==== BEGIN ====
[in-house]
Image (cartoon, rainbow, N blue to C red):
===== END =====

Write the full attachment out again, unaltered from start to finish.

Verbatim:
[in-house]
Image (cartoon, rainbow, N blue to C red):